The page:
Keesler medic begins transition to ALS commandant

  • Published
  • By Steve Pivnick
  • 81st Medical Group Public Affairs
Long-time medic Master Sgt. David Boydston will assume a new role as he is reassigned to the Airman Leadership School and prepares to become the school's new commandant.

"While I have been selected to fill the position, the current commandant (Master Sgt. John Bowden) doesn't leave until March 15," explained Boydston, who was the 81st Medical Operations Squadron Emergency Services Flight chief. "An ALS commandant must become a fully certified professional military education instructor prior to assuming the leadership role. Therefore, I will have a couple of courses to attend at Maxwell AFB (Alabama) to become an 8T000 (professional military education instructor)."

The future ALS leader said he applied for the position during the April Developmental Special Duty cycle and was recently notified of his selection.

"I am humbled, honored and ecstatic to have this opportunity," said Boydston. "Serving in this position means I get to insert myself into one of the most significant steps many young Airmen will have in their career."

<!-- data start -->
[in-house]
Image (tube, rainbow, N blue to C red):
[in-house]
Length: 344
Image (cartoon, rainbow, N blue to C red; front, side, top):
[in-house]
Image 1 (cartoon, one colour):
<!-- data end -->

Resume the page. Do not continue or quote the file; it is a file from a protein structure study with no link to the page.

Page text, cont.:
"I firmly believe each Airman is responsible for bettering their surroundings," he added. "Whether enhancing the mission, installation, community or, most importantly, our fellow Airmen, we have the duty to effect positive change and growth."

As commandant, Boydston said, "I will be charged with implementing Air Force, Barnes Center and AETC enlisted professional military education policies, programs and procedures. In other words, I will do my best to provide as many tools to our newest noncommissioned officers to ensure they are ready to supervise and lead our Airmen."

A member of the Air Force for 18 years, Boydston served at Keesler Medical Center a little more than two years and less than two years as flight chief. He and his wife, also a medic, have 3-year-old twins, a daughter and son.

Expressing his appreciation to the "Dragon Medics" he has worked with during his Emergency Department tenure.

"I've never worked with a finer team of professionals," he added. "Regardless of the challenge, the medical group came together to highlight strengths and correct deficiencies intelligently. I'll certainly miss my best-in-AFMS (Air Force Medical Service) Emergency Room team. The effort they displayed daily led to numerous accolades like being named the best field response team seen in seven years by the inspector general's team. I am very proud of them."

"Selection to a DSD assignment is not just a testament of the caliber Airman you are but is a tribute to those that have influenced you to this point," Boydston commented, My mentors, my peers and the Airmen I supervised led to this day. Thank you!"